Fun4All | Making Play Accessible to All

Our Fun4All campaign is a drive to make play accessible for all children, especially those with additional needs.

Play can be a great leveller and for children who find certain aspects of daily life challenging, being able to play with friends promotes confidence, builds social skills and empowers children.

 

What is Fun 4 All? 

 

“If you never did you should. These things are fun, and fun is good.” (Dr. Seuss) 

Play is a wonderful way to break down barriers; because anyone can play. Fun 4 All aims to promote what a child can do, rather than what they can't. A child in a wheelchair can get involved in arts and crafts, the whole family can join in with a good board game, and a child who can't afford lots of toys can have fun at the playground.

It's all part of our bigger vision to help create a world where children are able to fulfil their potential and develop - during a safe, happy and playful childhood - the skills they need to thrive throughout their lives. 

 


 

Find out more about the importance of play

 


 

There’s a two-pronged approach to our campaign

 

First, we’re after toys that help children overcome difficulties.  These don’t need to be specially designed therapeutic toys, but they help children develop skills to empower them and overcome challenges they face.  Whether it’s role play helping shy children gain confidence or play-doh or plasticine strengthening hand muscles after an injury, many toys can be used therapeutically.

Second,  because we recognise that all children are individuals and have their own strengths and challenges we are keen to move away from the idea of trying to ‘fix’ children.  Instead we want to give them the opportunity to develop naturally, at their own pace and be able to fulfil their potential.

This is especially important for children with physical disabilities and neurological conditions that negatively impact on their ability to join in with general play activities.  However, a child in a wheelchair can play a board game just as well as any other child and, for the length of the game, he/she is just another kid enjoying playing with their friends.  Being able to give children the freedom to enjoy their childhood and where possible minimise the impact of any disability is surely the ultimate goal of play and toys.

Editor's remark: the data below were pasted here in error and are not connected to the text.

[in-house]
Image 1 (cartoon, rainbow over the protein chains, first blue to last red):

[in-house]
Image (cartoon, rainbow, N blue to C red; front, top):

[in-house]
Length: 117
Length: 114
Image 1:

How to get involved?

 

  • Follow us on Twitter – search for #fun4all for accessible play ideas.
  • Look out for our spotlight on features which will be highlighting different aspects of play and discussing how they can be made Fun4All!
  • Recommend play ideas and toys that are accessible by children with additional needs.
  • Talk to your local school and children’s centre and council about ways to make play more accessible
  • Tell your friends about the Fun4All campaign
  • Contact us to discuss how to make the campaign as effective as possible

 

 

Fun4All Articles

Is play accessible enough?

When thinking about the accessibility of play, it is important that play value isn’t lost; simply being able to do something is not what makes it enjoyable. There were some wonderful examples of this in the recent BBC Children in Need special of ‘The Big Life Fix’ – including a couple of clever robots that…
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November 16, 2017 Tags:, , ,

Seven sensational sensory play ideas

Children use their senses to explore and make sense of the world around them; they do this by touching, tasting, smelling, seeing, moving and hearing. Some parents assume sensory = messy! or simply aren’t aware how important sensory stimulation is for children’s learning and development. Sensory play is quite big in the world of Special…
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October 10, 2017 Tags: